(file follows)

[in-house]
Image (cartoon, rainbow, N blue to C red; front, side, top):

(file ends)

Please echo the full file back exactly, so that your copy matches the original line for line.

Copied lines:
[in-house]
Image (cartoon, rainbow, N blue to C red; front, side, top):